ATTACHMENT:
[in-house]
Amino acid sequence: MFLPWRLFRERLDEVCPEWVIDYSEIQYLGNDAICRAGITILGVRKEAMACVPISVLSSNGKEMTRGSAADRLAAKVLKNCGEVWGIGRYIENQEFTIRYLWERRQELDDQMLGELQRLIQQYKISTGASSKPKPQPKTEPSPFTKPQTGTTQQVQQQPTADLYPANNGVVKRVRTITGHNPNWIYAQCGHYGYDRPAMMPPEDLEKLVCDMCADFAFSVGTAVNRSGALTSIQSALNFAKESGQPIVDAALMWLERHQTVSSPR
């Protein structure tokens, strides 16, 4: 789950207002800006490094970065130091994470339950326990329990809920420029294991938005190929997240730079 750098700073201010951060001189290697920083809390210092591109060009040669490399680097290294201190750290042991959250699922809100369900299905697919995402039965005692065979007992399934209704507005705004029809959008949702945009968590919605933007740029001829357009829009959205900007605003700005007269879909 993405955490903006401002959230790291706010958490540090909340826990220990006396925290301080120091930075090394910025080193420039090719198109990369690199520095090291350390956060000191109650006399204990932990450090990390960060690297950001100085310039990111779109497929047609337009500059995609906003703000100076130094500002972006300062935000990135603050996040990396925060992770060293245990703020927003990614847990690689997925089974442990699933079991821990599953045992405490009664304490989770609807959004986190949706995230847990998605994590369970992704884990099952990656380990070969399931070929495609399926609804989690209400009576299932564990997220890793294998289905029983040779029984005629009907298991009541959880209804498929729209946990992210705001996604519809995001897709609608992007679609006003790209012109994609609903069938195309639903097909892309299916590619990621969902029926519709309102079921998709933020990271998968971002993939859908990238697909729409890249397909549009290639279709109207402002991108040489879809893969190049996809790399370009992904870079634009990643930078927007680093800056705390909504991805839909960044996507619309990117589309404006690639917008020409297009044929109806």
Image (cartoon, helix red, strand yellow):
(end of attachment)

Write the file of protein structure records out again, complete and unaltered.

[in-house]
Amino acid sequence: MFLPWRLFRERLDEVCPEWVIDYSEIQYLGNDAICRAGITILGVRKEAMACVPISVLSSNGKEMTRGSAADRLAAKVLKNCGEVWGIGRYIENQEFTIRYLWERRQELDDQMLGELQRLIQQYKISTGASSKPKPQPKTEPSPFTKPQTGTTQQVQQQPTADLYPANNGVVKRVRTITGHNPNWIYAQCGHYGYDRPAMMPPEDLEKLVCDMCADFAFSVGTAVNRSGALTSIQSALNFAKESGQPIVDAALMWLERHQTVSSPR
């Protein structure tokens, strides 16, 4: 789950207002800006490094970065130091994470339950326990329990809920420029294991938005190929997240730079 750098700073201010951060001189290697920083809390210092591109060009040669490399680097290294201190750290042991959250699922809100369900299905697919995402039965005692065979007992399934209704507005705004029809959008949702945009968590919605933007740029001829357009829009959205900007605003700005007269879909 993405955490903006401002959230790291706010958490540090909340826990220990006396925290301080120091930075090394910025080193420039090719198109990369690199520095090291350390956060000191109650006399204990932990450090990390960060690297950001100085310039990111779109497929047609337009500059995609906003703000100076130094500002972006300062935000990135603050996040990396925060992770060293245990703020927003990614847990690689997925089974442990699933079991821990599953045992405490009664304490989770609807959004986190949706995230847990998605994590369970992704884990099952990656380990070969399931070929495609399926609804989690209400009576299932564990997220890793294998289905029983040779029984005629009907298991009541959880209804498929729209946990992210705001996604519809995001897709609608992007679609006003790209012109994609609903069938195309639903097909892309299916590619990621969902029926519709309102079921998709933020990271998968971002993939859908990238697909729409890249397909549009290639279709109207402002991108040489879809893969190049996809790399370009992904870079634009990643930078927007680093800056705390909504991805839909960044996507619309990117589309404006690639917008020409297009044929109806």
Image (cartoon, helix red, strand yellow):